"The hardest part of the race was to see Pedrosa get very close. I thought I would run the risk of ending up third and lost the Championship, but in the end, they surely realized that there was a lot at stake for me, maybe in another type of race they could risk more and pass me. Instead they were very good because the title would remain in Spain (…) I always try to be honest, the truth is that I did a race in which I gave my best always, however sincerely today the Honda, it was very difficult to always keep the concentration and stand in front of them. They are Spanish like me and knew what was at stake, so I benefited because maybe without that little help, maybe considering that Valentino did a great race comeback from last to fourth place, he could win the Championship. So this title is mine, it is ours, but also of Spain."

Completely neutral...

Total votes: 161

He says he raced his ass off and is happy the title remains in Spain.
Sure, P&M did not risk everything and helped L that way. Seems logical: they could not risk a crash, or they would have decided the championship. Not to mention they would have been grilled at home. Not to mention Race Direction had made it clear to Marquez that he had to ease down a bit.

Now let's move on.

Total votes: 130

Yes, he raced his ass off and yes, he's happy the title remains in Spain (or more importantly that he nabbed it). My point isn't to say that he's the one to blame, but rather that he is not a neutral part in this, so having him in the list when asking the question of who's to blame isn't wrong.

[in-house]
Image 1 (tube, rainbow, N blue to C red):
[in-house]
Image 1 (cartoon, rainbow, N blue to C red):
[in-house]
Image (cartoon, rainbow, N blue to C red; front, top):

But blaming a single riders would be a gross simplification of the events, IMHO. It's a combination of actions and statements from several riders (perhaps even ones not included in Mat's list) that resulted in the sour ending of 2015.

As for the example above, the wording he used, though maybe not deliberate, was unfortunate. It fuels the notion that there was some sort of "agreement" between the spanish riders, or at least between MM and JL (as JL expressed concerns about DP catching up). This doesn't really make the situation better in the end.
However, as I just wrote, it could be (and probably was) just a bad choice of words and not intended to add to the feud. Fingers can be pointed, if you absolutely must, to unintended actions causing unintended consequences as well. One does not have to have bad intentions to be under scrutiny.

Now, for full disclosure - I am a Rossi fan. I am also a Marquez fan. A Lorenzo fan I am not, however. Regardless of that - here's my opinion (not that you asked, but anyway):
The biggest fingers must be pointed to VR/MM, with a bigger lean towards VR than MM (though MM is no saint in this, IMHO).

Most of JL's actions and statements were "forced", like when he requested to be included in the hearing regarding the VR appeal in the MM/VR clash penalty dispute.
The statement by JL in my post above is an example of when it wasn't forced. I am willing to call it a bad choice of words, or at the most a light jab.

Is JL to blame? If at all, then very very very little. Should he be excluded from the list of "suspects"? Absolutely not.